The underwriting process can be confusing and frustrating, but it doesn’t have to be! Understanding what information the underwriters are asking for and why it’s being requested can help put merchants at ease and speed along the process. After all, an underwriting review is necessary in order to be approved for a merchant account, and a merchant account is essential for a successful business!
What is Underwriting?
Underwriting is the process of assessing the application before boarding a business for a merchant account. They determine that all information provided is accurate and that the business meets certain basic standards in order to process card payments. The underwriting team reviews personal information and credit history, financials, business registration information, and more. The underwriter’s goal is to ensure that the business owner, the customers and the processor will all be protected against fraudulent practices.
What to Expect
Once your application for a merchant account has been submitted, the information is sent to our underwriting team for a manual review. This review process can take anywhere from 24 hours to 30 days depending on whether additional information is needed from the merchant, but most reviews are complete within 5-7 business days. Some accounts even auto-board, which means that they were able to be fully verified through the auto-approval system within 24 hours and don’t require a manual review at all!
If your application does need additional information, this is usually because something is not matching in the Underwriters system or they need supporting documents to verify the information already provided. For example, sometimes the banking information provided on an application does not get validated when it’s submitted – providing a void check for the bank account shows that the account is valid and that there weren’t any mistakes on the application. The Underwriters may also ask for marketing material, such as a website, business card or advertisement flyer, to show that the business is established and has an online presence. They may also ask for information on the business practices itself, such as average delivery time-frames or whether advance payments/deposits are accepted.
Some new merchants may question why all of this information is needed, and it can certainly feel overwhelming. Simply put, your application for a merchant account is very similar to a loan application. When a bank receives an application for a loan, they determine whether they are willing to take on the risk of an individual missing payments or defaulting. They look at financial history, credit reports and personal information to make their decision. In the same way, a processor is reviewing this information for a business and the business owner to determine whether they are able to meet certain financial obligations in order to be approved for an account. This includes the ability to pay the associated fees of having a merchant account open, or to cover potential chargebacks that may be initiated by their customers. In the case that a merchant is unable to cover these events, the processor must provide the funds instead and take the loss. There is also always the chance that an application is fraudulent, and business owners and customers need to be protected against their information being used. A big part of the Underwriter’s job is to assess each application thoroughly in order to offer these protections.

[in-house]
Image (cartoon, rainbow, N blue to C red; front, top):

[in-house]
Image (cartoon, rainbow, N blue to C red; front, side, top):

This may seem excessive, but there’s plenty that can be done to avoid a lengthy review of your application!
- Ensure the personal and business information on your application is correct
- Be as accurate as possible when providing average volume and transaction amounts
- Provide bank statements to demonstrate financial support
- Provide supporting documents such as an SS4, void check and drivers license
- Stay in communication with your representative in order to promptly address any concerns
Why Was I Declined?
There are many reasons a business might be declined for a merchant account during the underwriting process. Let’s go over a few common reasons, and the solutions!
- Application Inconsistencies
- A business may be declined if the underwriters are unable to verify the information provided on the application, or if incorrect information was provided. This is why it’s very important to make sure all information is accurate and up-to-date. Providing supporting documents such as an SS4 and void check can also prevent this type of decline.
- Unsupportive Banking
- A business may be declined if the underwriters feel that the financials are too inconsistent or cannot support the risk associated with the account. Remember, their focus is to ensure a business can cover the related expense with merchant accounts. Check with your rep that your average transaction and monthly estimates are accurate for your business. Also, make sure that your bank statements don’t reflect a negative ending balance!
- Credit Score
- A business may be declined if the signer on the application does not meet the minimum credit score required to approve the account. Consider having a different signer listed on your account in the case of multiple owners or business partners. Otherwise, it may be best to work on raising your personal credit score and reapply when you meet the requirement.
Other common decline reasons could be a negative history with a prior processor, a credit risk alert or an open collections balance. These can be difficult to navigate but not impossible – communicate with your rep on the best approach towards resolution.
And of course, don’t be afraid to ask questions! Your account representative is here to work with you to get your merchant account set up. We want you to fully understand the process, what’s being asked of you, and why. Contact Us to discuss this process in more detail and get set up with your own personal representative.Categories:: Credit Card Processing, Security